Step away from the Gas!

April 14, 2014
Posted by in Blog, Grants, Incentives & Schemes, Microgeneration, Suppliers & Service Providers | Tagged , , , , , , , , , , , |

Thinking of Installing Renewable Heat Technology into your home – what should you consider?

Energy prices continue to rise inexorably, and we’re all feeling the pinch.

The introduction of the latest renewable energy tariff, the Renewable Heat Incentive (RHI), is designed to help more of us move away from traditional fuels – and prove that we no longer have to rely on the burning of fossil fuels to generate heating and electricity.
Soon, we could see heat pumps and solar thermal tubes widely installed in people’s homes as renewables become part of our way of life.

In fact, many new developments are now not even connected to mains gas; they rely on heat pumps to supply all their heating and hot water.

What is the Domestic RHI?

Simply put, the domestic RHI rewards those who heat their homes and water with the help of renewable heat technologies. It will be paid quarterly to households for every kilowatt hour (kWh) of renewable heat generated for a period of seven years and the payments vary according to the technology installed.

blog table3

The RHI differs from Feed-In Tariffs (FITs). FITs pay households and communities for generating their own electricity and for any excess energy exported to the National Grid. Heat cannot be exported so the RHI does not include an equivalent to the export tariff within the FIT.

For those who are ahead of the game, there is a system of retrospective payments. These apply to owners of eligible systems installed on or after 15 July 2009, although so-called ‘legacy applications’ will only be accepted in the 12 months following the RHI’s introduction.

All Kingspan Environmental microgeneration technologies are designed to integrate fully with traditional heating systems

All Kingspan Environmental microgeneration technologies are designed to integrate fully with traditional heating systems

Installing Renewable Heat Technology

When installing renewable heat technology, always use a fully trained, MCS-accredited installer who can install an MSC-accredited product or you/future owners of your home won’t qualify for the RHI tariff.

Also, it’s advisable to ensure that your home is properly insulated. Renewable technologies such as heat pumps heat water to a lower temperature than gas-fired boilers and proper insulation is important to make your home feel cosy. You can apply for a Green Deal loan to help spread the cost and be assessed for potential renewable technology installation at the same time.

The inside track on renewable heat technologies

Solar thermal works well in large family homes where there is typically a steady demand for hot water – remembering that occupancy levels are more important than the size of the house when sizing a system. Ensure your installer factors-in any regular periods a property may be empty (say, between tenancies), to size it correctly, maximise your return on investment, and avoid potential problems with the system over-heating.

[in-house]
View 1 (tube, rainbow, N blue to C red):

Finished installation of solar thermal_websize

Finished installation of solar thermal_websize

Heat pumps are increasingly popular for heating properties and are particularly suited to under-floor heating systems with relatively low flow and return temperatures. Sometimes this is supplemented with fan-coils. If radiators are to be used, they are typically “over-sized” to compensate for fact that water heated by heat pumps for space heating purposes will usually reach around 45 deg C.
Heat pumps and solar thermal systems can also be combined with other renewable technologies to great effect.

Biomass boilers are commonly specified for space heating and hot water, not least because they are an easy switch for rural properties with an oil boiler. But before installation, consider access and available storage space. If the property is in a remote setting, for example, it may be difficult to reach with the regular deliveries of pellets supplied by articulated lorry. Also a silo or hopper will be required for pellet storage, which may prove problematic if there isn’t sufficient space to site one nearby.

Thanks to our guest blogger, Simon Pattinson from Kingspan Environmental for this post.


For more information, log onto, email or tel. 0845 2600258 (UK)

Simon Pattison is Kingspan Environmental’s training manager, who oversees accredited renewable energy installer courses at the company’s nationwide network of dedicated training centres.

Simon is a qualified electrician and plumber who has worked in the building industry for 20 years.

He trained as a renewable energy installer in Germany, amassing more than 20 qualifications before going on to become a highly respected trainer.

Kingspan Environmental is a leading manufacturer of renewable heat technologies. Its expert team of in-house designers and engineers provide professional advice on choosing and designing systems to suit building projects.